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An Example of Best Practice in Transnational Cooperation in the Field of Engineering Education: the European Thematic Networks


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Title: An Example of Best Practice in Transnational Cooperation in the Field of Engineering Education: the European Thematic Networks

An Example of Best Practice in Transnational
Cooperation in the Field of Engineering
Education the European Thematic Networks
Prof. Iacint MANOLIU Technical University of
Civil Engineering, Bucharest, Romania Chairman of
EUCEET II Management Committee
International Conference on Engineering Education
Gliwice, July 25 -29, Gliwice
SOCRATES European Community programme in the
field of education First phase 1995 1999,
budget 0.9 billion EURO Second phase 2000
2006, budget 1.4 billion EURO ERASMUS Higher
education component of SOCRATES, aimed at -
enhancing the quality of higher education -
encouraging transnational cooperation among
universities - boosting European mobility of
students and teachers - improving the
transparency and full academic recognition of
studies and qualifications
Thematic Networks a sub-action of the Erasmus
Action, initiated in 1996
Main aim of Thematic Networks
- to enhance quality and to define and develop a
European dimension within a given academic
discipline or study area, or as regards a topic
of an interdisciplinary/multidisciplinary nature,
or in other matters of common interest, which is
achieved by means of cooperation between
universities, university faculties or
Other partners in Thematic Networks, beside
academic associations, learned societies,
professional bodies, other partners of
socio-economic importance in the public or
private sector
Two major kinds of Thematic Networks
Vertical Networks
  • Economic, Social and Human Sciences archeology,
    arts, law, teachers training, management,
    languages, literature, political science,
    communication science, sports.
  • Sciences and Technologies biology, dentistry,
    chemistry, engineering, civil engineering,
    computer science, medicine, veterinary medicine,
    physics, agriculture and food sciences.

Transversal Networks
  • philosophy and human science, ethics, open and
    distance learning, continuing education,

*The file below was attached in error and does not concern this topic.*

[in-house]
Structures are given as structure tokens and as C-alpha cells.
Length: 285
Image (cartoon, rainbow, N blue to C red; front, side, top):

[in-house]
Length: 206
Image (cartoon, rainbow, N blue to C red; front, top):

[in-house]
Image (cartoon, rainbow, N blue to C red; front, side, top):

university management and administration

EUCEET - Thematic Network in the Field of Civil
  • EUCEET (European Civil Engineering Education and
  • initiated by the Technical University of Civil
    Engineering of Bucharest
  • coordinated by the Ecole Nationale des Ponts et
    Chaussées France
  • EUCEET I 1 September 1998 31 August 2001
  • Dissemination year 1 September 2001 30
    September 2002
  • EUCEET II 1 October 2002 31 December 2005

EUCEET partnership
Number of partners Number of partners Number of partners Number of partners Number of partners Number of partners Number of partners
SOCRATES CODE 1998/ 1999 1999/ 2000 2000/ 2001 2001/ 2002 2002/ 2003 2003/ 2004 2005
EDU.4 43 50 59 66 97 100 101
ASS.1 7 8 13 13 14 14 14
ASS.2 2 2 2 2 1 1 1
ASS.3 1 1 1 1 1 1 1
RES 5 5 5 5 6 6 6
SER 7 9 9
Total 58 66 80 87 126 131 132
Total (20) (24) (25) (25) (29) (29) (29)
Codes significance EDU.4 Higher education
institution ASS.1 Non-profit association
(national) ASS.2 Non-profit association
(international) ASS.3 Association of
Universities RES Research institute SER
Private company (services). In parenthesis is
the number of countries represented.
  • Six themes were tackled during the first phase of
    the Project
  • 'Curricula in European Civil Engineering
    Education at Undergraduate Level'
  • 'Accreditation and Quality Assessment in Civil
    Engineering Education'
  • 'Synergies between Universities, Research,
    Industry and Public Authorities in the
    Construction Sector of Europe'
  • 'Postgraduate Programmes and Continuing
    Professional Development in Civil Engineering
  • 'Balance and Change in Civil Engineering
  • 'Demands of the Economic and Professional
    Environments in Europe with Respect to Civil
    Engineering Education'

(No Transcript)
Six themes were included in the working plan of
EUCEET II, each of them having one or several
Specific Projects. Theme A 'Curricula issues and
developments in civil engineering', with four
Specific Projects SP.1 Studies and
recommendations on core curricula for various
degree programmes SP.2 Practical placements as
part of the civil engineering curricula
SP.3 Environmental and sustainable development
matters in civil engineering education SP.4
Non-technical subjects in civil engineering
education Theme B 'Development of the teaching
environment in civil engineering education', with
two Specific Projects SP.5 Problem-oriented,